Former MediaCorp actress and host Sharon Au says she is nothing like Madam Kwa Geok Choo, the late Cambridge-educated lawyer wife of Mr Lee Kuan Yew.
Au, 40, faces one of her biggest challenges yet, taking on the larger-than-life role in Metropolitan Productions' upcoming The LKY Musical, which opens at Marina Bay Sands' MasterCard Theatres on July 21.
Calling it the "role of a lifetime", she acknowledges that she is one of the least experienced members of a cast which includes veteran actor Adrian Pang as the late founding prime minister and comedian Sebastian Tan as a rickshaw puller, an everyman named Koh Teong Koo.
Au, who auditioned for the part, said yesterday at the first major press conference for the musical: "It was extremely humbling to be accepted to play Madam Kwa. It would have been sufficient for me if I could just play a rickshaw puller... I just wanted to be part of this project. I wanted to volunteer as a wardrobe mistress or someone to carry Adrian's bag."
The casting of Madam Kwa and that of another major real-life figure - Mr Lee's late political rival Lim Chin Siong - was revealed at the press conference, held yesterday morning at the top floor of the OUE Bayfront building.
Newcomer Benjamin Chow, 25, an acting graduate from Lasalle College of the Arts and last seen in The Little Company's The Three Billy Goats Gruff, will play Mr Lim. The casting of Pang was revealed last month.
Against a backdrop of floor-to-ceiling windows overlooking a skyline which Mr Lee and his team of Old Guard leaders helped build, Metropolitan Productions director Tan Choon Hiong spoke of the motivation behind the multi-million-dollar venture. Referencing Andrew Lloyd Webber's well-known 1978 musical, he said: "We have world-class musicals such as Evita, which is about the life of Eva Peron, an Argentinian politician, but why is there no world-class musical about the Singapore story?"
The 2 1/2-hour-long The LKY Musical hopes to fill that void and is one of three stage and film productions this year which feature or reference Mr Lee.
The musical traces his life story over a period of about 20 years, from his early days in Raffles College to Singapore's independence in 1965.
In addition to a stellar cast, the musical also boasts an experienced production team.
On stage at the press conference were Dick Lee, veteran composer and musician, and Meira Chand, an established London-born author who will be writing the story for the musical.
While actors Pang, Tan and Chow were also present, all eyes were on Au, who teamed an elegant ankle-length emerald dress with bright red lipstick.
Even though she has taken a step back from the limelight since completing her studies at Waseda University in Japan 2011 and assuming an executive position at MediaCorp, the only female cast member still cut a stylish, sassy presence.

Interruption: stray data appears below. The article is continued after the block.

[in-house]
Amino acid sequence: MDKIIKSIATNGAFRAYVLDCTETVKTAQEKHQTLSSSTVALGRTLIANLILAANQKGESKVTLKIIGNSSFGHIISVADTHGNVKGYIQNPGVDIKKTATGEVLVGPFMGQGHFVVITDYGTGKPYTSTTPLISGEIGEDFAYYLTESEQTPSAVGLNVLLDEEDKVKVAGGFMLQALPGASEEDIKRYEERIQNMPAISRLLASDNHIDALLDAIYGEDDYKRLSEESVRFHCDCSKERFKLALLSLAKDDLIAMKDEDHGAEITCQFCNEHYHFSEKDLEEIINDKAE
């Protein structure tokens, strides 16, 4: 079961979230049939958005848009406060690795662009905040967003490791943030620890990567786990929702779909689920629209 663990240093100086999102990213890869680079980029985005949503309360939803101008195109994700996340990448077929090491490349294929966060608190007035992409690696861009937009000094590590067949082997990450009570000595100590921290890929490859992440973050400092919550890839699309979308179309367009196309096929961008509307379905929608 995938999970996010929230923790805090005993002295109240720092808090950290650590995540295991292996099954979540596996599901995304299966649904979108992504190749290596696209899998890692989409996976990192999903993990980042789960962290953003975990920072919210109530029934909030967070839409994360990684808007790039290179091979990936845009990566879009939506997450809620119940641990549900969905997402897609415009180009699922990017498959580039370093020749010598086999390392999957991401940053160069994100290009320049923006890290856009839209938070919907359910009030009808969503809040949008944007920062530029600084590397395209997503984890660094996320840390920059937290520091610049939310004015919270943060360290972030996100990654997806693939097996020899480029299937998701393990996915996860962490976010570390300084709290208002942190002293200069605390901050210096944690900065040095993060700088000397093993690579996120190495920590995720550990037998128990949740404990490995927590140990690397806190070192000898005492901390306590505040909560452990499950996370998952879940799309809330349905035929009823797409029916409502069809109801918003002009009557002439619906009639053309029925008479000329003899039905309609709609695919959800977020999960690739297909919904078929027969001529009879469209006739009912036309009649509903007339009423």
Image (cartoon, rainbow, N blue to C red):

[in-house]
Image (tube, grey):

In response to a question about similarities between her and Mrs Lee, she was quick to answer: "There are no similarities at all between me and the icon. To me, she was, and she is, the perfect Asian wife and the perfect Asian woman."
Though better known for her acting and hosting stints on TV, Au is no stranger to the stage. In 1998, she was the lead in a remake of a Dick Lee musical, Beauty World, playing cabaret girl Lulu.
Industry insiders and theatregoers had mixed reactions to her casting.
Civil servant Chris Li, 30, said: "I think Sharon is a good choice, even though she does not look like Madam Kwa. She is an experienced actress who has grounding in theatre. I think she and Adrian Pang look good together and will have solid chemistry."
Mr Daniel Yun, executive producer and co-director of the upcoming film 1965 in which Mr Lee features as a character, agreed that Au was a good choice. "Pang and Au had chemistry when I worked with them on I Do I Do (2005) and I can see them on stage as a couple.
"I'm not sure how much singing there will be, but I'm sure they were cast because they're up to it."
Less enthusiastic is human resources manager Irene Lim, 35, a regular theatregoer. "Sharon is nine years Adrian's junior, while Madam Kwa was 2 1/2 years older than the late Mr Lee. I also feel Sharon lacks the air of remarkable intellect and quiet poise that Mrs Lee had.
"For me, someone more suited to portray Madam Kwa would be actress Claire Wong, in terms of her age, career, image and overall demeanour."
While work on the musical began over three years ago, the death of Mr Lee last month has cast a sombre pall over the proceedings. While no changes have been made to the music or story, Pang, 49, says his death has given the musical "all sorts of added significance and poignancy".
"I supposed as a team, we're trying to embrace that and see that as so much more material to draw on now, more so than there would have been."
Since Mr Lee's death on March 23 at age 91, there has been an outpouring of tributes and articles, both in Singapore and around the world. For many, what struck a chord was his devotion to his wife, who died in 2010 at age 89 after a long illness. The couple, who married in secret in Stratford-upon-Avon during their university days, were best friends and confidants.
At her funeral, Mr Lee had said that "without her, I would be a different man, with a different life".
As the subject matter of the musical is not exactly lighthearted fare, composer Lee, 58, said he was worried about how he could make it work as a musical. "It's quite a serious story. I couldn't see that there were going to be a lot of fun, big production numbers where he's dancing at the rally or something."
Nonetheless, he called his effort his "best score to date". He adds: "The songwriting became very nuanced, quite deep and, from a technical point of view, I used a lot of chord progressions that I haven't used for a long time."
Additional reporting by Lee Jian Xuan
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